She told The Detail: “The Good Friday Agreement is clear that it is the birth right of people in Northern Ireland to be Irish, British, or both, and that this applies to citizenship and not just identity.
“People who have been pushed into this process may rightly feel aggrieved”, she said in response to the figures showing that hundreds from Northern Ireland renounced British citizenship.
“People who want to claim their birth right entitlement to choose British citizenship in addition to their Irish citizenship should not face prohibitive cost or procedure and it must certainly not be at the Home Secretary’s discretion.”
Last week, the Northern Ireland Office said that officials are discussing this matter with the Home Office. The issue was also raised at an evidence session of the Westminster Northern Ireland Affairs Committee.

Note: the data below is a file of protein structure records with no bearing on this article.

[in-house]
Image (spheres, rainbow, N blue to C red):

In response to a question from DUP MP, Ian Paisley, about the impact of the policy, Ms DeSouza said: “I would love to have figures on how many people in Northern Ireland have renounced British citizenship.
"If anyone can try to obtain those figures, I would be very grateful, to give us some idea of how many had to go through that process to begin with.”
Les Allambly, Chief Commissioner at the Northern Ireland Human Rights Commission said that a durable solution to family reunion issues in line with the Good Friday Agreement is still needed because the current solution is “a short term, quick fix”.
He added: “The commission has put forward proposals to deal with the issue which have not gained the support of the UK government to date. The issue will arise again if just left to fester.”
- Luke Butterly is a freelance journalist based in Belfast. His Twitter handle is @lukejbutterly.